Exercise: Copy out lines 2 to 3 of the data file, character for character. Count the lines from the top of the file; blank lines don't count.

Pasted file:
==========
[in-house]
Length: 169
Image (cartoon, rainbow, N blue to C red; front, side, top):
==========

Length: 169
Image (cartoon, rainbow, N blue to C red; front, side, top):